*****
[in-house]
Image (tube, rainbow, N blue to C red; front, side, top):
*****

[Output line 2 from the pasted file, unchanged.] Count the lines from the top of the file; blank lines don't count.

Image (tube, rainbow, N blue to C red; front, side, top):